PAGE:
From the conservative Evangelical Dictionary of Theology: “Certainly by the time of Paul’s writing to the Corinthians (ca. AD 55) it is evident that that church observed the practice of meeting together for a common meal before partaking of the Lord’s Supper (1 Cor. 11:17-34). ...The situation described here is possible only in the context of a meal more substantial than, and preceding the bread and wine of the Lord’s Supper. [p. 660] From The Oxford Dictionary of the Christian Church , which generally represents an Anglo-Catholic perspective: “The term [agape] is applied also to the common religious meal which seems to have been in use in the early Church in close relation to the Eucharist. The classic NT ref. is 1 Cor. 11:17-34, where abuses which accompanied the common meals that preceded the Eucharist are condemned.” [p. 23] The liberal Oxford Companion to the Bible notes: “The love-feast is the common meal with which Christians first followed Christ’s command at the Last Supper to “do this in remembrance of me.” [p. 469] The Protestant International Standard Bible Encyclopedia notes this about the agape: “In the opinion of the great majority of scholars, the agape was a meal at which not only bread and wine, but all kinds of viands were used, a meal which had the double purpose of satisfying hunger and thirst and giving expression to the sense of Christian brotherhood.. At the end of this feast, bread and wine were taken according to the Lord’s command, and after thanksgiving to God were eaten and drunk in remembrance of Christ, and as a special means of communion with the Lord Himself and through Him with one another. The agape was thus related to the Eucharist as Christ’s last Passover [was] to the Christian rite which he grafted upon it. It preceded and led up to the Eucharist, and was quite distinct from it.” [vol. 1, p. 66] Finally, The Encyclopedia of Early Christianity, which represents both catholic and Protestant views, says this about the love feast: “In the history of early Christian practice, however, agape is also a liturgical term. Translated “love-feast” (Jude 12), it springs from the meal that the New Testament variously calls the “breaking of bread” (Acts 2:42-47; 20:7-12) and “Eucharist” (1 Cor. 11:20-34). A core tradition in the early church, the meal explicitly recalls the meals Jesus celebrated with his disciples, especially the Last Supper ... and the post-resurrection meals recounted in Luke 24 and John 20-21.” [p. 17]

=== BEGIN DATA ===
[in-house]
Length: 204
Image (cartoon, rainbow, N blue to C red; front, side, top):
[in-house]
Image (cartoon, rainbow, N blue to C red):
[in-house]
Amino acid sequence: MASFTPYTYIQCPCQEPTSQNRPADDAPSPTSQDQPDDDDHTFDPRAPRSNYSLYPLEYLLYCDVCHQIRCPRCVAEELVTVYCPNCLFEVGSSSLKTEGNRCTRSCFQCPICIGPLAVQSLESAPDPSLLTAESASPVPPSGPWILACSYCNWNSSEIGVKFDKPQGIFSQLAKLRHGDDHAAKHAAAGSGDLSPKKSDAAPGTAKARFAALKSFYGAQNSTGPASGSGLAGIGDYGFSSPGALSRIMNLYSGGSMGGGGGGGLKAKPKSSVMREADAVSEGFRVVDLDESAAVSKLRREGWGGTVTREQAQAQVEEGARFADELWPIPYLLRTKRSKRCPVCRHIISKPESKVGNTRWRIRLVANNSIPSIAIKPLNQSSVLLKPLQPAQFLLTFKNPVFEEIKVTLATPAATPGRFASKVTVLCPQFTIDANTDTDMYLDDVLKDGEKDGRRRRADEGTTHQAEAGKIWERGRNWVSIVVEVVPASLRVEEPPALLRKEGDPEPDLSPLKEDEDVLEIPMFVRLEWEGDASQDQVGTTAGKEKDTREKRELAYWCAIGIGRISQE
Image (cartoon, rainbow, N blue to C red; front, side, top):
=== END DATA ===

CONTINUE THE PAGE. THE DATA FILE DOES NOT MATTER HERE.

What Happened to the Love Feast?

If the love feast was such an integral part of apostolic worship, why is it not still around today? The answer is that the apostolic pattern was eventually altered. Even though Jesus and His apostles handed down the model of having a common meal before the Eucharist, some churches began changing this after the apostles died. During the second and third centuries, the agape was eventually separated from the Eucharist. Churches began celebrating the Eucharist in the morning and hosting the love feast in the evening.

The Encyclopedia of Early Christianity offers this observation: “Eventually, abuses, coupled with imperial rescripts forbidding the meals of secret societies, brought about the separation of the fraternal meal (agape) and Eucharist, but not everywhere and not at once. In Ignatius (ca. 110), for instance, the celebration of the agape is related to but distinct from the Eucharist; so also, the Didache. In Justin Martyr, the Eucharist seems to have absorbed the fraternal functions characteristic of agape. ...On the other hand, in Clement’s Alexandria (ca. 200) agape and Eucharist are joined, in spite of the signal abuses to which Clement gives witness.

“There is general agreement that from the mid-third century, agape and Eucharist go their separate ways.” [p. 17]

Nevertheless, even though the agape and communion went their separate ways, the church continued to practice both of them until some time after the time of Constantine. Perhaps the love feast would have continued on down to our times if the original apostolic pattern (holding the love feast and the Eucharist together) had not been broken. The International Standard Bible Encyclopedia makes this observation on the separation of the agape and Eucharist, and the eventual extinguishment of the agape:

In the Didache (ca. A.D. 100) there is no sign as yet of any separation. The direction that the second Eucharistic prayer should be offered “after being filled” appears to imply that a regular meal had immediately preceded the observance of the sacrament. In the Ignatian epistles (ca. A.D. 110), the Lord’s Supper and the agape are still found in combination...

When we come to Justin Martyr (ca. A.D. 150), we find that in his account of church worship he does not mention the agape at all, but speaks of the Eucharist as following a service which consisted of the reading of Scripture, prayers, and exhortation. Tertullian (ca. A.D. 200) testifies to the continued existence of the agape, but shows clearly that in the church of the West, the Eucharist was no longer associated with it. In the East, the connection appears to have been longer maintained, but by and by the severance became universal; and though the agape continued for a long time to maintain itself as a social function of the Church, it gradually passed out of existence.” [Vol. 1, p. 66]